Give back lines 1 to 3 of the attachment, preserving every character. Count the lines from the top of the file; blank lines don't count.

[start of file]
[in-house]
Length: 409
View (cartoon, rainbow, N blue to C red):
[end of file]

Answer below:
[in-house]
Length: 409
View (cartoon, rainbow, N blue to C red):